Business_news M&A experts break down what Viacom and CBS could buy next, from ad-tech to James Bond (CBS, VIAB)


CBS and Viacom have agreed to tie the knot and are already plotting their next merger.

The media outfits say they’ll be stronger together financially, paving the way for future deal making — with no further speculation hanging over the companies about whether they themselves will recombine.

“One of the other big things this deal does is take a big uncertainty off the company,” Viacom CEO Bob Bakish, who will be CEO of the combined ViacomCBS if the deal goes through, told analysts on a conference call Tuesday. “We will be very well positioned to exploit those opportunities,” he said, adding that both companies have been, and will continue, looking for opportunities.

Media strategists and analysts told business Insider that ViacomCBS doesn’t need to jump into another merger right away, though the companies seem to want to. Bakish summed up his ambitions on the call.

“Simply put, the combined company will be one of only a few with the breadth and depth of content and platforms and the global reach to shape the future of the industry,” Bakish said.

ViacomCBS is sizing up content and production assets to reach the scale required to challenge media giants like Netflix, Disney, and Comcast. The company is also in a bit of a time crunch to get these deals done to generate more income to bid on NFL rights against deep-pocketed rivals like tech company Amazon, analysts say.

Shari Redstone, president of National Amusements, which has a controlling stake in both CBS and Viacom, has been shopping for deals with companies like Sony Pictures Entertainment and TV company Discovery Communications, NBC News previously reported.

There are few directions that ViacomCBS could go in with its next acquisition, the experts said. It could make a big deal for a company like Discovery, or snap up a handful of smaller companies in key growth areas like content production and ad-tech.


If scale is the name of the game, ViacomCBS will be looking for other media companies with robust production capabilities, popular franchises, and international footholds that complement its own breadth of brands and IP.

CBS has an older crowd through its broadcast network and sports and news channels, and Viacom targets kids with Nickelodeon, and teens through adults with myriad cable networks like Comedy Central, MTV, and BET.

Together, the two companies have a combined enterprise value of about $48 million. But they’d still be dwarfed by Disney, worth $313 billion; Comcast, worth $308 billion; and Netflix, worth $145 billion.

In addition to Sony and Discovery, execs at CBS and Viacom have mulled the idea of acquiring Starz, or its parent company Lions Gate, The Wall Street Journal reported. Movie studio MGM and cable programmer AMC Networks have also been floated in news reports as possible targets. Analysts business Insider spoke with mentioned Fox, as well as Univision, which is seeking a buyer.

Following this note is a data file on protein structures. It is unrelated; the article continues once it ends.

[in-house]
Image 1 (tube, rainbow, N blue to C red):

Of this group, unscripted TV giant Discovery seems to be the best fit, according to the experts.

Discovery would offer ViacomCBS three things: greater international presence, since Discovery has a variety of international TV channels, including Eurosport; content assets and access to non-fiction talent, like Chip and Joanna Gaines of “Fixer Upper” fame, and its arsenal of food Network stars; and enough cable-TV networks to form an advertising juggernaut.

“CBS-Viacom with Discovery would make them the de facto gorilla in terms of ad sales in the pay-TV universe,” Mary Ann Halford, a senior advisor at OC&C Strategy Consultants, told business Insider. “They would be the market leader in that area.”

Adding more cable channels exposes ViacomCBS to more risk from cord-cutting. But the company could also leverage its free ad-supported TV service Pluto TV, as Viacom is doing now.

All about that brand

But if the priority is to build scripted production capabilities and content assets to compete with Netflix and Disney (and sell programming to them), then Sony or Lions Gate would be better bets.

“The question that’s behind this merger and will be behind subsequent moves is: Do we have a pipeline of content that is attractive and defendable?” Stephen Beck, cofounder and managing partner of management consultancy cg42, said. “And then, can we monetize it, and to what extent?”

Sony has brands like the Spider-Man franchise and a strong international presence. Lions Gate, meanwhile, has content assets like the “Hunger Games” franchise, and its subsidiary Starz could be used to bolster ViacomCBS’ premium-TV service Showtime.

The key is finding content assets that still have a lot of runway.